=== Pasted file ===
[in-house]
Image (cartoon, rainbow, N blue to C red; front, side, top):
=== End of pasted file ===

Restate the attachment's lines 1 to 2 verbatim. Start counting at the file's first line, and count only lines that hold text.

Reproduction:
[in-house]
Image (cartoon, rainbow, N blue to C red; front, side, top):